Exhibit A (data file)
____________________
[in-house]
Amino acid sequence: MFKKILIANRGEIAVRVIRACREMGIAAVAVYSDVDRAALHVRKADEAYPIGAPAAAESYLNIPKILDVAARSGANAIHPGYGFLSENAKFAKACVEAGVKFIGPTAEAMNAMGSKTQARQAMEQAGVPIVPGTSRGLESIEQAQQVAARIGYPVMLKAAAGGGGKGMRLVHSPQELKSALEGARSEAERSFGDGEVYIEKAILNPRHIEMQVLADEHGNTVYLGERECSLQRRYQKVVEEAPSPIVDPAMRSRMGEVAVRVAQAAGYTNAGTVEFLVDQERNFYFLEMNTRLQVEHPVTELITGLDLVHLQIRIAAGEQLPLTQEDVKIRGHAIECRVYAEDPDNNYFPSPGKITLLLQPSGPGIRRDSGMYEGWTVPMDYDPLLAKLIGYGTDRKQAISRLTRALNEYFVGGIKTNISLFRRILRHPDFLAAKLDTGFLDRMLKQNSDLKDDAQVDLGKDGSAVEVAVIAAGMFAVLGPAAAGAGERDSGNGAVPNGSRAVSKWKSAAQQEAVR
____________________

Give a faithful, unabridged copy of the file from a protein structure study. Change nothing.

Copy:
[in-house]
Amino acid sequence: MFKKILIANRGEIAVRVIRACREMGIAAVAVYSDVDRAALHVRKADEAYPIGAPAAAESYLNIPKILDVAARSGANAIHPGYGFLSENAKFAKACVEAGVKFIGPTAEAMNAMGSKTQARQAMEQAGVPIVPGTSRGLESIEQAQQVAARIGYPVMLKAAAGGGGKGMRLVHSPQELKSALEGARSEAERSFGDGEVYIEKAILNPRHIEMQVLADEHGNTVYLGERECSLQRRYQKVVEEAPSPIVDPAMRSRMGEVAVRVAQAAGYTNAGTVEFLVDQERNFYFLEMNTRLQVEHPVTELITGLDLVHLQIRIAAGEQLPLTQEDVKIRGHAIECRVYAEDPDNNYFPSPGKITLLLQPSGPGIRRDSGMYEGWTVPMDYDPLLAKLIGYGTDRKQAISRLTRALNEYFVGGIKTNISLFRRILRHPDFLAAKLDTGFLDRMLKQNSDLKDDAQVDLGKDGSAVEVAVIAAGMFAVLGPAAAGAGERDSGNGAVPNGSRAVSKWKSAAQQEAVR